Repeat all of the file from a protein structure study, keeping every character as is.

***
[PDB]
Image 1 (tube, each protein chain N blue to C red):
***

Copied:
[PDB]
Image 1 (tube, each protein chain N blue to C red):